Plus, admit it: This still makes you choke up a little.
Chris Chelios, Detroit Red Wings (March 23, 1999)
Chelios didn’t come cheap when the Blackhawks sent him to their division rival in 1999. He cost the Wings two first-round picks, plus young defenceman Anders Eriksson. That seemed steep for a guy who was 37 and probably only had a year or two left.
Of course, that year or two turned out to be a decade, as Chelios stuck around with the Wings until 2009 before retiring. (Yeah, yeah, I know, but it’s easier to just pretend this never happened.) Neither Eriksson or the picks ever amounted to much, so this trade ended up being a steal for the Wings.
Larry Murphy, Minnesota North Stars (March 7, 1989)
Another member of that North Stars/Capitals blockbuster makes our list. Murphy had established himself as a star in Washington, earning second-team all-star honours and a spot as a Norris finalist in 1987. He’d only get one full season in Minnesota, but it was a good one; he racked up 68 points. That’s good enough to earn him second-pair duties on our roster. Man, I just hope we can find a partner for him that he’ll have some chemistry with.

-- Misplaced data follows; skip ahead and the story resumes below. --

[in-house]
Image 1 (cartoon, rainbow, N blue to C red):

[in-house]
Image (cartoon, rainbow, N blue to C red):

Larry Murphy, Red Wings (March 18, 1997)
Oh. Huh. Well, this is awkward.
But really, how do you deny Murphy a second spot on the roster? Nearly a decade after the North Stars added him, he was involved in another deadline deal, this one between the Leafs and Red Wings. He’d help Detroit to two Stanley Cups, and had four solid seasons playing the role of the crafty veteran. And you can’t argue with the price, since the Red Wings literally got him for free – the Leafs dumped him for future considerations, and those futures turned out to be nothing at all.
Jay Bouwmeester, Blues (April 1, 2013)
Bouwmeester had famously never appeared in a playoff game over a ten-year career when he was dealt to the Blues a few days before the 2013 deadline. Four years later, he’s played plenty, and is still eating big minutes as a key member of the St. Louis blue line.